Design with Operational Amplifiers and Analog Integrated Circuits by Franco

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Design with Operational Amplifiers and Analog Integrated Circuits

PDF Free Download | Design with Operational Amplifiers and Analog Integrated Circuits 4th Edition by Sergio Franco.

Preface to Design with Analog Integrated Circuits 

During the last decades, much has been prophesized that there will be little need for analog circuitry in the future because digital electronics are taking over.

Far from having proven true, this contention has provoked controversial rebuttals, as epitomized by statements such as “If you cannot do it in digital, it’s got to be done in analog.”

Add to this the common misconception that analog design, compared to digital design, seems to be more of a whimsical art than a systematic science, and what is the confused student to make of this controversy?

Is it worth pursuing some coursework in analog electronics, or is it better to focus just on digital? There is no doubt that many functions that were traditionally the domain of analog electronics are nowadays implemented in digital form, a popular example being offered by digital audio.

Here, the analog signals produced by microphones and other acoustic transducers are suitably conditioned by means of amplifiers and filters and are then converted to digital form for further processing,

such as mixing, editing, and the creation of special effects, as well as for the more mundane but no less important tasks of transmission, storage, and retrieval.

Finally, digital information is converted back to analog signals for playing through loudspeakers. One of the main reasons why it is desirable to perform as many functions as possible digitally is the generally superior reliability and flexibility of digital circuitry.

However, the physical world is inherently analog, indicating that there will always be a need for analog circuitry to condition physical signals such as those associated with transducers, as well as to convert information from analog to digital for processing, and from digital back to analog for reuse in the physical world.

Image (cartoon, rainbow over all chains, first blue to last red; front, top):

Moreover, new applications continue to emerge, where considerations of speed and power make it more advantageous to use analog front ends; wireless communications provide a good example.

Indeed many applications today are best addressed by mixed-mode integrated circuits (mixed-mode ICs) and systems, which rely on analog circuitry to interface with the physical world and digital circuitry for processing and control.

Even though the analog circuitry may constitute only a small portion of the total chip area, it is often the most challenging part to design as well as the limiting factor on the performance of the entire system.

In this respect, it is usually the analog designer who is called to devise ingenious solutions to the task of realizing analog functions in decidedly digital technologies; switched-capacitor techniques in filtering and sigma-delta techniques in data conversion are popular examples.

In light of the above, the need for competent analog designers will continue to remain very strong. Even purely digital circuits, when pushed to their operational limits, exhibit analog behavior.

Consequently, a solid grasp of analog design principles and techniques is a valuable asset in the design of any IC, not just purely digital or purely analog ICs.

Author of Integrated Circuits

Sergio Franco was born in Friuli, Italy, and earned his Ph.D. from the University of Illinois at Urbana-Champaign. After working in the industry, both in the United States and Italy.

He joined San Francisco State University in 1980, where he has contributed to the formation of many hundreds of successful analog engineers gainfully employed in Silicon Valley.

Dr. Franco is the author of the textbook Analog Circuit Design—Discrete & Integrated, also by McGraw-Hill. More information can be found on the author’s website at http://online.sfsu.edu/sfranco/.

Design with Analog Integrated Circuits Contents


  1. Operational Amplifier Fundamentals 
  2. Circuits with Resistive Feedback 
  3. Active Filters: Part I 
  4. Active Filters: Part II
  5. Static Op-Amp Limitations 
  6. Dynamic Op-Amp Limitations
  7. Noise 
  8. Stability 
  9. Nonlinear Circuits
  10. Signal Generators 
  11. Voltage References and Regulators 
  12. D-A and A-D Converters 
  13. Nonlinear Amplifiers and Phase-Locked Loops

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